As we are riding we also try to accommodate them as much as possible as well. For example we stop at playgrounds, we visit nature centres, and we often go to libraries so they can chill out and read. They help us adults to keep it fun. It was Jasper’s idea to go to the Charles Schulz Museum and the Jelly Belly factory,for example. I loved both of those trips by the way, but I would not have done them without Jasper’s insistence. We also try to stop riding when the kids get tired, and we try to get them to bed at a reasonable hour. All of this tends to keep the kids motivated and happy.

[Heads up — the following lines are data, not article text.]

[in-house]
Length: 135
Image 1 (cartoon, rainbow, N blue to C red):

But a few weeks ago, Jasper showed signs of travel weariness. He was grumpy and slow to wake up in the morning, and showed a real reluctance to ride. So I pulled him aside for a talk to find out what was going on in his 9-year-old brain. I had noticed it to a few days and it was not getting better. This was in Cashmere, Washington, a few days after we had climbed over White Pass, a 4100 FOOT???? Pass.